A fourth study, published in the Chinese Journal of Preventive Medicine,6 showed that type 2 diabetics had an 11-15 per cent improved insulin sensitivity and significantly lower fasting blood sugar following the dietary consumption of 30g/day for four weeks. Instead of being added to the diet as a supplement, Hi-maize resistant starch was delivered within a noodle or steamed bread.

Animal studies are also supportive, with a total of six studies showing improved insulin sensitivity and other aspects of beneficial aspects of glycaemic management.7,8,9,10,11,12

How much is needed?
The vast majority of Americans need to eat more dietary fibre, so any amount of Hi-maize resistant starch added to the diet would be beneficial. Because it is fermented very slowly, individuals can easily consume the entire recommended intake of dietary fibre as resistant starch without negative digestive side effects. The most common side effect is regularity. Even with extremely large doses, it does not cause bloating, cramping or other digestive-distress symptoms common to other types of soluble fermentable fibres in healthy individuals.

In regard to improving insulin sensitivity, studies have shown that 30-100g/day improved insulin sensitivity. A little more than 3 level tablespoons would deliver 30g of fibre, but insulin-resistant individuals would likely need more to feel the effects. Additional studies are needed to determine the dose response and minimum quantity for insulin sensitivity benefits.

Rhonda Witwer is director of senior business development, nutrition, for National Starch Food Innovation.

Resistant Starch 101
Resistant starches have been classified into 4 types:

  • RS1 — Present in foods in which the starch is protected by the seed or hull or another physical barrier. Whole grains, sweet corn, parboiled rice and legumes deliver RS1.
  • RS2 — This starch retains its granular structure. Raw potatoes, green bananas and high amylose corn deliver RS2 but only if the potatoes remain raw, the bananas have not fully ripened and the high amylose corn is not cooked out.
  • RS3 — Found in retrograded starch particles, where the starch granule has been ruptured or cooked out, releasing the glucose chains, which then crystallise into nondigestible resistant starch. Pasta salad, sushi rice, potato salad and bread crusts deliver this type of resistant starch.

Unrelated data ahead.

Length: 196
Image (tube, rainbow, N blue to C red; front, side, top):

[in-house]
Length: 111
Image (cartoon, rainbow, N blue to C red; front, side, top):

• RS4 — Chemically modified resistant starch from wheat, dent corn, tapioca and potato starch in which the starch has been treated in order to prevent its digestion.
Different types of resistant starch can be insoluble or soluble. They can be naturally occurring or chemically modified. Animal and in vitro studies have shown that the nutrient utilisation and intestinal fermentation are different for different types and sources of resistant starch.




1. Murphy MM, Douglass JS, Birkett A, "Resistant starch intakes in the United States", Journal of the American Dietetic Association, January 2008 108:67-78.
2. "Prebiotic digestion and fermentation" Authors: J.H. Cummings, G.T. Macfarlane, and H.N. Englyst. American Journal of Clinical Nutrition (2001), 73(suppl): 415S-20S.
3. "Prior short-term consumption of resistant starch enhances postprandial insulin sensitivity in healthy subjects". Authors: M.D. Robertson, J.M. Currie, L.M. Morgan, D.P. Jewell, and K.N. Frayn. Diabetologia, (2003), 46, 659-665.
4. "Insulin-sensitizing effects of dietary resistant starch and effects on skeletal muscle and adipose tissue metabolism" Authors: M.D. Robertson, A.S. Bickerton, A.L. Dennis, H. Vidal, and K.N. Frayn. American Journal of Clinical Nutrition (2005), 82, 559-567.
5. "Dietary resistant starch is an insulin sensitizer" Authors: M.D. Robertson, J.W. Wright, J. Batt, D. Russell-Jones, and A.M. Umpleby. A37(P37). Diabetic Medicine (March, 2009) 26(1) (Sup l): 14.
6. "Effects of resistant starch on insulin resistance of type 2 diabetes mellitus patients" Authors: W.Q. Zhang, H.W. Wang, and Y.M. Zhang, Chinese Journal of Preventive Medicine (2007), 41, 101-104.
7. "Amylopectin starch promotes the development of insulin resistance in rats" Authors: S.E. Byrnes, J.C. Miller, G.S. Denyer. The Journal of Nutrition 1995;125(6):1430-7.
8. "Amylopectin starch induces nonreversible insulin resistance in rats" Authors: C.E. Wiseman, J.A. Higgins, G.S. Denyer, J.C. Miller. The Journal of Nutrition 1996;126(2):410-5.
9. "Development of insulin resistance in the rat is dependent on the rate of glucose adsorption from the diet" authors: J.A. Higgins, J. Brand Miller, G.S. Denyer. The Journal of Nutrition 1996;126:596-602.
10. "Dietary starch type affects body weight and glycemic control in freely fed but not energy-restricted obese rats" Authors: Alfred A. Aziz, Laura S. Kenney, Benoit Goulet, and El-Sayed Abdel-Aal. The Journal of Nutrition. Epub ahead of print August 19, 2009. doi: 10.3945/jn.109.110650.
11. "Long-term effects of dietary glycemic index on adiposity, energy metabolism and physical activity in mice" Authors: K.B. Scribner, D.B. Pawlak, C.M. Aubin, J.A. Majzoub, and D.S. Ludwig. American Journal of Physiology. Endocrinology and Metabolism. Nov 2008; 295(5):E1126-31 (Epub ahead of print Sept 9).
12. "Dietary amylose and amylopectin ratio and resistant starch content affects plasma glucose, lactic acid, hormone levels and protein synthesis in splanchnic tissues" Authors: J. Deng, X. Wu, S. Bin, T.J. Li, R. Huang, Z. Liu, Y. Liu, Z. Ruan, Z. Deng, Y. Hou, and Y.L. Yin. The Journal of Animal Physiology and Animal Nutrition (Berl).Epub ahead of print Jan 13, 2009.